Build Your Business Through a Powerful Value Proposition
By: Rus Kinzinger
Quick—in language that speaks of donor benefit, what is unique, compelling, and clearly distinguishes your store(s) from your competitors? Go ahead . . . think about it for awhile; then, write down your response.
Now, ask your lead sales associate to do the same. No skipping this detail. You'll miss an important baseline if you by-pass these first two steps.
How did you do? Was your response at the tip of your tongue or did you have to grind it out? How did yours compare with that of your sales associate? Were you even on the same page? If your answer compared favorably with that of your staff member, you likely already have a clearly defined value proposition. For you, all that remains is asking, "Is it good enough?" and "Does your store actually reflect the value proposition?" If you didn't do so well, however, read on. This article is for you. (If you did well, read on anyway. Maybe there is an idea or two that will make yours even stronger.)
In the world of consumer merchandising, being undistinguished is the kiss of average, or worse yet, death. In other words, if there is no difference between your offering and that of others, why should anyone want to come to your store? There are many other choices. Theoretically, your odds of being selected to fill a shopper's need are [1/x](e)λ where x equals the number of other choices, e quantifies prior experience with the store, and λ represents the relative effect of travel time versus store size. When λ equals 1.0, travel time and store size will have an equal but opposite effect on the likelihood of a consumer shopping at a store location. (We will assume the need for the product or service is a constant.)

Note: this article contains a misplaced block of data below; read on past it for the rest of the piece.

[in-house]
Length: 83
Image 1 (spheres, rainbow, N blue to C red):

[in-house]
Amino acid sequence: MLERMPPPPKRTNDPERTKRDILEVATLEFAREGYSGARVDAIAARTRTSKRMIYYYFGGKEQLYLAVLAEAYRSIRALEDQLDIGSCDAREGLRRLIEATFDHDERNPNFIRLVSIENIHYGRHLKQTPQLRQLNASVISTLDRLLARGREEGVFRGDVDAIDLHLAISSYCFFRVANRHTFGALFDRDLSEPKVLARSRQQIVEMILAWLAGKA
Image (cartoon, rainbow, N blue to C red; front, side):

Interpreting, our formula says that if there are numerous alternatives, no prior (or poor) customer experience, and/or if your store is not highly accessible, your odds of getting a shopper's business are not good—to put it mildly. Clearly, retail survival (and growth) must be an act of sheer intentionality, which of itself, must be driven by intelligent design.